Japan is as famous for its traditional culture as it is for anime and video games. One of Japan's cultural symbols is the geisha: distinctive-looking women who are traditional entertainers. Geisha entertain guests at special events and tea ceremonies, and they will sing, dance, play instruments and lead the traditional tea ceremony. It takes a LOT of training to become a geisha - around five years in an apprenticeship - and the daily make-up and hair routine is pretty intense! Seeing an authentic geisha performance is pretty expensive, and if you're a tourist you'll probably see a maiko (an apprentice geisha).
You can experience old Japan in other ways, though. One is to go to a ryokan, which is a traditional Japanese inn. Ryokan are built in the old architectural style of Japan, with tatami mats on the floor and sliding doors made from wood and paper. During your stay you'll sleep on a futon (a soft mattress and duvet laid on the floor at night, and put away during the day), and you'll be served a traditional Japanese breakfast and dinner in your room. The oldest ryokan is the Hōshi Ryokan, and it's been open since 708 AD!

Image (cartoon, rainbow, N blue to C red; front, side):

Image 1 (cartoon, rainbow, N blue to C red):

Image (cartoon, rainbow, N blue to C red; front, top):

7. Manners are important
You might have picked up from some of our earlier facts, but Japan is a country where manners matter! One huge rule is that you need to take your shoes off in private spaces - no exceptions! It is very rude to enter someone else's home with your shoes on, even if you do it in your own home all the time. Taking off your shoes shows that you care about keeping the space clean, and that you respect your host. You also have to take your shoes off in temples, ryokans and guesthouses, and in some restaurants. If you decide to try on clothes in a shop, you will also have to take your shoes off before entering the changing area!
Another piece of etiquette is bowing. Japanese people bow when they say hello, nice to meet you, goodbye, sorry, and lots of other things. When you enter a shop, the assistants will bow and say "Irasshaimase!" It's polite to bow back, but don't worry too much - they will want to have the last bow, because you're the customer. You don't want to get stuck in an endless bowing loop!
You will also notice that Japanese people address each other and foreigners by adding -san to the end of their name - if you meet a Mrs. Tanaka, you would call her Tanaka-san. This is another sign of respect, and there are different titles for different people. A teacher is called -sensei, a small child might be called -chan, and if you're showing very deep respect you would call someone -sama.
8. They love flowers